Take a look at a chart of the stock markets on either side of the Atlantic and you could be forgiven for worrying that 2019 is starting to look a whole lot like 2018. That’s a concern, given what a grim final quarter we endured last year.
The reasons for stock market jitters are in some ways similar but in one crucial regard different.
The similarities surround the economic outlook, which both last year and this is being driven by Donald Trump’s trade war with China (and increasingly with Europe too). From representing a potential threat to growth, trade tensions have now become a real and present danger.
Last week’s manufacturing and service sector purchasing managers’ surveys confirmed that weak sentiment is now showing up in the data too. It is particularly worrying that a manufacturing slowdown, which might be expected in light of the trade spat, is spilling over into the bigger and more important consumer-focused parts of the economy.
Recession may not be the central case, but growth is slowing to a level at which external shocks such as an oil spike could tip us over the edge.
It’s unsurprising that investors are increasingly nervous and markets are experiencing heightened volatility. The fear is that the growth scare could lead to a fourth quarter like 2018’s in which the FTSE 100 fell by 10% and the S&P500 by 14%.
The economic slowdown is not the only concern. The gains in the stock market have been increasingly narrowly-focused this year - that’s often a sign of an approaching top. Company directors are also selling shares at the fastest rate for many years. And the failure of the WeWork IPO recently raised some worrying questions over valuations in the private equity market.
Investors are becoming less willing to give fast-growth but loss-making businesses the benefit of the doubt.
So why are things different this year? Well the big problem in the final three months of 2018 was the coincidence of slowing growth and the continuing desire of the Federal Reserve to normalise its monetary policy. Rates were expected to continue rising into 2019. The Fed was saying as much.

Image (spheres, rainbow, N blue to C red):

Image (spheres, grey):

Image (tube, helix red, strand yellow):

What rescued the market in the first quarter of this year was a change of heart by the US’s central bank. First the mood music changed, then from July interest rates actually started to fall again. Fed chair Jerome Powell described the cuts as a mid-cycle adjustment, but many believe they represented the start of a more substantial easing cycle than that.
So, the key difference between 2019 and 2018 is the fact that economic weakness is being offset by monetary policy stimulus. No-one knows which side in this tug of war will win out but at least there is a two-way pull underway.
It’s not just the Fed that is back in easing mode. In fact, more than half of the world’s central banks cut interest rates in the third quarter. That’s the highest proportion since the financial crisis.
As well as the Fed, the ECB cut rates last month and speculation is rising that both the Bank of Japan and the Bank of England will follow suit in the fourth quarter. Only three countries raised rates between July and September - Norway, Kazakhstan and Argentina. Moving into the final three months of the year, we have already seen cuts from Australia, Iceland and India.
Central bank easing is not a silver bullet for the global economy, of course. In Europe, in particular, there are serious doubts about whether further moves into negative interest rate territory is a good thing. There is a good argument that cutting further simply makes life difficult for savers and reduces the profitability of banks and so their willingness to lend.
But at least we can say that the circumstances that led to the painful market correction a year ago are not the same. History may be rhyming but it is certainly not repeating itself.
Anyway, this is the challenging backdrop to my latest Investment Outlook. I’m putting the final touches to the report this week and we will launch it, as usual, with a live online question and answer session next Tuesday at midday.
As well as all the usual updates on the main asset classes and geographical regions, I’ll be looking at the threat of recession, the chance of inflation returning and the ongoing influence of politics on both sides of the pond.
You can log into the webcast and remind yourself of my thinking three months ago, here.
Important information: The value of investments and the income from them can go down as well as up, so you may get back less than you invest. Investors should note that the views expressed may no longer be current and may have already been acted upon. Overseas investments will be affected by movements in currency exchange rates. This information is not a personal recommendation for any particular investment. If you are unsure about the suitability of an investment you should speak to an authorised financial adviser.
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